Like the landscape garden, fantasias tenuously balance between the extremes of the beautiful and the sublime. They idle between underlying coherence and surface disruption. Richards points out that though central to contemporary musical conceptions, the influence of the picturesque aesthetic has been overlooked in recent scholarship on eighteenth-century music.

Predicated on a dialectical engagement with the natural and the artificial, and its predilection for irregularity, unruly freedom and ambiguous borders, the picturesque was, and is, an important tool for the conceptualization of contemporary instrumental music, and especially that period’s most ambiguous genre, the free fantasia. (page 6)

Looking through the lens of the picturesque aesthetic allows for a new way of listening to the fantasia and understanding its peculiarities through precisely the startling and disruptive elements that have baffled critics.

Resituating the fantasia within a broader, more picturesque, conception of the eighteenth-century musical imagination offers the present-day performer and listener the opportunity for a new and lively engagement with this music which, in its resistance to notation and its intrinsic instability might offer us—as it offered educated listeners of the period—an unruly and rewarding way to hear anew even the more ‘ordered’ masterpieces of the late eighteenth-century canon. (page 100)

[5] Richards’ study focuses primarily on the fantasias of C.P.E. Bach and also deals with the fantasias and fantasie procedures of works by Haydn and Beethoven. She recreates the picturesque aesthetic for the late eighteenth-century fantasia through a rigorous and well-documented historical account, showing its derivation from landscape gardening. She cites an abundance of contemporary appearances of the veiled Isis (a symbol of Nature concealed, often included in art, monuments, the frontispieces of books, etc.), and establishes that much of the contemporary criticism incorporated metaphors articulated through picturesque vocabulary.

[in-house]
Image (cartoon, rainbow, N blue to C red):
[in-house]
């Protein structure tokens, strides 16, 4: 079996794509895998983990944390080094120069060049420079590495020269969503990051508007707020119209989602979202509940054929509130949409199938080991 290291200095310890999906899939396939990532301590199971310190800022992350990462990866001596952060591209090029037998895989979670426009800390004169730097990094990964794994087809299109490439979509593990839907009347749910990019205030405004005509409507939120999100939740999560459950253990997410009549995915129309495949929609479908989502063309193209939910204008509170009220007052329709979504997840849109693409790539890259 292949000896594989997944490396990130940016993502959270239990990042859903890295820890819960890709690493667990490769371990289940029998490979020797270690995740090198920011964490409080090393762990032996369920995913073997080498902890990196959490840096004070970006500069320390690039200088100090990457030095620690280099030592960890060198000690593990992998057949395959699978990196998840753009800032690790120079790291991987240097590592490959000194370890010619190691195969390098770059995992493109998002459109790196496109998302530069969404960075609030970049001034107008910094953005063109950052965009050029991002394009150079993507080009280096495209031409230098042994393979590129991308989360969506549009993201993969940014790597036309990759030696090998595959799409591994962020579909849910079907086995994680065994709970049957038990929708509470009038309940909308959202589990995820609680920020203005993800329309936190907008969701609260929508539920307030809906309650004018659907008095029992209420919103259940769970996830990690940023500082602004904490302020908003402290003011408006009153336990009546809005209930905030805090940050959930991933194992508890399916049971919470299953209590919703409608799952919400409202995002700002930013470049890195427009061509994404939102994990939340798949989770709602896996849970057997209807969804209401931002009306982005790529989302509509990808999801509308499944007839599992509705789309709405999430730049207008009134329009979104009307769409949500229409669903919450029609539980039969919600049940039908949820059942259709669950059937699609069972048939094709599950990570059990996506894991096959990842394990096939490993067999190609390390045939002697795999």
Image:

A straight road is the most agreeable, because it shortens the journey. But in an embellished field, a straight walk has an air of formality and confinement; and at any rate is less agreeable than a winding or waving walk; for in surveying the beauties of an ornamented field, we love to roam from place to place at freedom. Winding walks have another advantage: at every step they open new views. In short, the walks in a pleasure ground ought not to have the appearance of a road: my intention is not to make a journey, but to feast my eye on the beauties of art and nature. (page 63)

The fantasia, like the picturesque garden, is confined (i.e. uses borders and margins), but the confinement is deliberately concealed—an artfully constructed illusion. Both the landscaped garden and the fantasia are art forms of constant retrospection and reevaluation from different vantage points and levels of distance.

[6] Richards engages contrasting contemporary aesthetic viewpoints. Carl Friedrich Cramer characterized the fantasia with the term, Aussichten, or organization from afar of multiple glimpses from different angles. In Allgemeine Theorie, Sulzer argued for a ‘unified whole out of Nature’s diversity and multiplicity,’ for both music and Gartenkunst—a theoretical model for the Originalgenie. Conversely, the aesthetic theories of Johann Friedrich Reichardt discouraged sudden disjunctions and extreme mixtures of affect as symptomatic of empty virtuosity. Though he praised Haydn’s and C.P.E. Bach’s music as radical transformations in musical thought, these composers could get away with such fanciful compositions only because of their supreme genius and artful handling of disparate musical elements. Richards brings in critical writings on contemporary painting in order to assemble a more general aesthetic of the picturesque that subsumed all of the arts. She invokes the contemporary philosophy of Kant, who claimed that landscape gardening is more closely related to the fantasia than to painting because it is experienced gradually through time, unlike a painting which is static.

[7] What appeared so irregular for the fantasia was its fundamental independence of usual thematic process, harmonic plan, or rhythmic structure. The fantasia relied on a variety of thematic ideas rather than the manipulation and development of a single theme. However, Schenker, in ‘The Art of Improvisation’ commented that